Deadlier Than the Male  

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Kunstformen der Natur (1904) by Ernst Haeckel
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Kunstformen der Natur (1904) by Ernst Haeckel

Deadlier Than the Male is a 1967 British action film featuring the character of Bulldog Drummond. It is one of the many take-offs of James Bond produced during the 1960s but based on an established detective fiction hero. Richard Johnson (Terence Young's original preference to play James Bond) stars as Hugh 'Bulldog' Drummond, updated to a suave Korean War veteran now an insurance investigator trailing a pair of sexy assassins (Elke Sommer and Sylva Koscina) who kill for sport and profit. Drummond's American nephew, Robert Drummond (Steve Carlson then a Universal Pictures contract star), becomes involved in the intrigue when he comes to visit.

The title is a reference to the 1911 Rudyard Kipling poem "The Female of the Species," which includes the line "The female of the species must be deadlier than the male", and also refers to Sapper's earlier Drummond book The Female of the Species.

The movie poster is slightly misleading; although three other female assassins are featured briefly in the finale, the brunette, Kitty Swan, has a less prominent role in the film but is as prominent as the two leads on poster. Publicity announced the film in December 1964 but it wasn't filmed until 1966.

The film was followed by a sequel Some Girls Do in 1969.

Plot

When a top oil executive dies mysteriously aboard his private jet, the company's board suspects foul play and hires Drummond to investigate. Attempts on his own life lead him to believe two lovely females are "hit men" for an international crime syndicate.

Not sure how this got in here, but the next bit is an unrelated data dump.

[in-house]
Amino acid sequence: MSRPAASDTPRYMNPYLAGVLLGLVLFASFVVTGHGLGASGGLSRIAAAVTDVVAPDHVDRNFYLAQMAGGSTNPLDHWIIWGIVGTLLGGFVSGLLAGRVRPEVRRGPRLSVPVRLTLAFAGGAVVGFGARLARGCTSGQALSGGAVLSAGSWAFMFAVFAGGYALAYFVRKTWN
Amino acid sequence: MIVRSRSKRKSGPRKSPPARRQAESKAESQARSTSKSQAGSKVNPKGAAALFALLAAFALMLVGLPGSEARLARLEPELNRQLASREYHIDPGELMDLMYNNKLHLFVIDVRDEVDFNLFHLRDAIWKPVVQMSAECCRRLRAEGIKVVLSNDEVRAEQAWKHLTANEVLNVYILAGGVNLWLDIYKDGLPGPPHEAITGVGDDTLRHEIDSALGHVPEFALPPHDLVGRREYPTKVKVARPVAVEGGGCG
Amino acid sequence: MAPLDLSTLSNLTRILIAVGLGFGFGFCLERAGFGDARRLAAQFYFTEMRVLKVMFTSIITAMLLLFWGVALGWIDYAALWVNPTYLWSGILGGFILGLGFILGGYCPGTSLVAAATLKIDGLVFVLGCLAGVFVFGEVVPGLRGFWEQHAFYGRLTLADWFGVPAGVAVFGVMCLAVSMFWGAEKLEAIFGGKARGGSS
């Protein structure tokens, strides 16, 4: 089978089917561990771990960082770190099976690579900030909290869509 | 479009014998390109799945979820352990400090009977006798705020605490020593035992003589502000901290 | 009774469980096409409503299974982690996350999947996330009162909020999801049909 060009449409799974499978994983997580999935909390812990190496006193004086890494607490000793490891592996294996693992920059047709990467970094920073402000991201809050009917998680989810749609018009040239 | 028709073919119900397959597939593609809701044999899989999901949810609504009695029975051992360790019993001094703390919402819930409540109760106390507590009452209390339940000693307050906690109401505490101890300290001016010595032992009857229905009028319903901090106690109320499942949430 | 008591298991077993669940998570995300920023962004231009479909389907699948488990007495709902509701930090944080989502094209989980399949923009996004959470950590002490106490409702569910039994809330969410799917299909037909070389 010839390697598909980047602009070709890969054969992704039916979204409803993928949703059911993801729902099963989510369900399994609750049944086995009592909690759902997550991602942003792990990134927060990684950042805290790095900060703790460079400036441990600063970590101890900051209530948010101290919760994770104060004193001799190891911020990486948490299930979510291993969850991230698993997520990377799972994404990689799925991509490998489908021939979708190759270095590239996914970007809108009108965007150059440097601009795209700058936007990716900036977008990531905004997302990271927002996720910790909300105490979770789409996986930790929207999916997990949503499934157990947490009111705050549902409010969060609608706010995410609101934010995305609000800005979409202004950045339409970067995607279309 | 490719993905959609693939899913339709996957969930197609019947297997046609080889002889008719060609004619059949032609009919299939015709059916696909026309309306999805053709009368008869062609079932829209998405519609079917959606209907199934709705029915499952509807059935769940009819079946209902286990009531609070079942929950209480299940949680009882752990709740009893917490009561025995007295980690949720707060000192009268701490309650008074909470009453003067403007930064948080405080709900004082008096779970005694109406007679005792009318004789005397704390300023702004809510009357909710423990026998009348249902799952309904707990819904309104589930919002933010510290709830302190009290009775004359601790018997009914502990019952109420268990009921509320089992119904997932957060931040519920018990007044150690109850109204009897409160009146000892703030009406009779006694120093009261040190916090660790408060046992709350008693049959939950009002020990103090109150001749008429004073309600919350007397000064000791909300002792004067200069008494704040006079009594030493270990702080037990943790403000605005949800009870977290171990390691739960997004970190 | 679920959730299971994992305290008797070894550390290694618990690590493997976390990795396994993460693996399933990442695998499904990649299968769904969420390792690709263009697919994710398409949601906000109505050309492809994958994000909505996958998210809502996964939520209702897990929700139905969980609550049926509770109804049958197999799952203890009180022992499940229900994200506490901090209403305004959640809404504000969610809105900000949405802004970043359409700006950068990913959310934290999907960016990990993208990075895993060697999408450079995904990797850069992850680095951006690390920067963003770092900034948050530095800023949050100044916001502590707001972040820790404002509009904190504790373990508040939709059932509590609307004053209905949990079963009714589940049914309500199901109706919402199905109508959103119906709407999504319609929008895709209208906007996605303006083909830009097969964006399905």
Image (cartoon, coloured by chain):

Drummond pursues them from foggy London to the sunny Mediterranean, but finds himself trapped in a deadly game of cat and mouse with a diabolical mastermind. It is revealed that Carl Petersen (Nigel Green) is the evil genius behind the assassinations (masquerading as an executive) and that his own assassination was faked. Using two female assassins, Irma (Elke Sommer) and Penelope (Sylva Koscina), Petersen kills anyone who either attempt to uncover his alter ego or block his attempts at making money.

The finale of the movie involves Petersen's attempt at killing King Fedra, who refuses to sell his oil fields. Grace, who unknowingly reveals to Peterson that she is disillusioned with Peterson while talking to Drummond, is unwittingly used to carry a plastic explosive onto the King's yacht. While playing against Petersen in a game of chess that uses giant motorized pieces, Drummond attempts to escape from Petersen's castle where he is a prisoner. In the process, Drummond kills Petersen's bodyguard Chang (Milton Reid) and presumably kills Petersen himself by dropping him down an exploding hole in the chessboard (a different actor portrays the character in the 1969 sequel).

Irma and Penelope, forced to be near Grace on King Fedra's yacht while Drummond tries to find the bomb, escape when one of King Fedra's guard is distracted by Grace's off-screen nudity while Drummond is searching her. After a seemingly successful escape, Irma comments to the other that the bomb was in Grace's hairclip. Penelope is shocked, for she envied Grace's hairclip and replaced it with her own (having been envious of other women's belongings throughout the entire film, using them to the increasing consternation of others). The two assassins are killed instantly when the hairclip explodes, destroying their motorboat.

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Unless indicated otherwise, the text in this article is either based on Wikipedia article "Deadlier Than the Male" or another language Wikipedia page thereof used under the terms of the GNU Free Documentation License; or on research by Jahsonic and friends. See Art and Popular Culture's copyright notice.

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